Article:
Q. I am totally confused about sunscreens. Advice?
Well, you’re not alone. However, this summer, your choices will be easier to make because the U.S. Food and Drug Administration has implemented new sunscreen regulations.
First, some background on sunscreens.
Sunscreens work to prevent the damage of ultraviolet rays, an invisible component of sunlight. There are three types of UV rays: UVA, UVB and UVC.
UVA is the most abundant of the three ultraviolet rays at the Earth’s surface. These rays penetrate through the outer skin layer.
Many of the UVB rays are absorbed by the stratospheric ozone layer, so there aren’t as many of these at the Earth’s surface as the UVA rays. UVB rays don’t penetrate as far as UVA rays, but are still harmful.
UVC radiation is extremely hazardous to skin, but it is completely absorbed by the ozone layer.
Sunburn and suntan are signs of skin damage. Suntans appear after the sun’s rays have already killed some cells and damaged others. UV rays do more harm than damaging skin. They can also cause cataracts, wrinkles, age spots and skin cancer.
Sunscreens are given SPF (Sun Protection Factor) ratings that tell you how well they protect you from damaging rays from the sun. The SPF ratings can be as low as two and as high as 100-plus.
Here’s how the ratings work: If you apply a sunscreen rated at SPF 2, you will double the time it takes for your skin to burn.
A sunscreen rated at SPF 15 will multiply the burning time by 15.
The SPF number indicates the screening ability for UVB rays only. Research is being to done to establish a system to measure UVA protection.
There is a point of diminishing returns with sunscreens. Here’s how it goes:
• A sunscreen with an SPF of two screens 50 percent of UVB rays.
• A sunscreen with an SPF of 15 screens 93 percent of UVB rays.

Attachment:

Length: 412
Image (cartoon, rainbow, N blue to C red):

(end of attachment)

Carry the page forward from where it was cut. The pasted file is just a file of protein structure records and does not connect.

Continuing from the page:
• A sunscreen with an SPF of 30 screens 97 percent of UVB rays.
• A sunscreen with an SPF of 50 blocks 98 percent of UVB rays.
• A sunscreen with an SPF of 100 blocks 99 percent of UVB rays.
Not applying enough sunscreen can seriously reduce your protection. You should use an ounce - about a palmful - on your body to gain the full protection indicated by the SPF on the product. Also, dermatologists advise reapplication every two hours or after swimming or sweating.
Under the new FDA regulations, labels will include the following information:
• Broad Spectrum. A broad-spectrum sunscreen protects against UVB and UVA rays and helps prevent skin cancer and sunburn.
• Sun Protection Factor (SPF). The FDA’s minimum recommendation for protection against skin cancer and sunburn is SPF 15.
• Skin Cancer/Skin Aging Alert. For a sunscreen to carry the claim that it can help prevent skin cancer and early skin aging in addition to sunburn, it must offer both broad-spectrum coverage and an SPF of 15 or higher. If not, the label will carry the Skin Cancer/Skin Aging Alert.
• Water Resistance. The sunscreen’s resistance to water will be designated for up to 40 minutes or 80 minutes. Sunscreens can not be described as “waterproof” or “sweat proof.”
All sunscreen products that do not pass the new FDA requirements will include warning labels specifying their sun-protective limitations.
To reduce your risk of skin cancer and early skin aging, the American Academy of Dermatology recommends everyone choose a sunscreen that states the following on the label: broad spectrum, SPF 30 or higher, and water resistant up to either 40 or 80 minutes.